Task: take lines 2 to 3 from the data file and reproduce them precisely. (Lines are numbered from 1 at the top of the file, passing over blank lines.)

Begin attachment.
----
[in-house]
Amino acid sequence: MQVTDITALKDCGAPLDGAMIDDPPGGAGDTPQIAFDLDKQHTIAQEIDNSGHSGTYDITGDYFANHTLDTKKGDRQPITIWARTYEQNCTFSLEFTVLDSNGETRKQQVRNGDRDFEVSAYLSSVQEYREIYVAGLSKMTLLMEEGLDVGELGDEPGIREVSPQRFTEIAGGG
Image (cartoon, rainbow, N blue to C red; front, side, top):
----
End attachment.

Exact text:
Amino acid sequence: MQVTDITALKDCGAPLDGAMIDDPPGGAGDTPQIAFDLDKQHTIAQEIDNSGHSGTYDITGDYFANHTLDTKKGDRQPITIWARTYEQNCTFSLEFTVLDSNGETRKQQVRNGDRDFEVSAYLSSVQEYREIYVAGLSKMTLLMEEGLDVGELGDEPGIREVSPQRFTEIAGGG
Image (cartoon, rainbow, N blue to C red; front, side, top):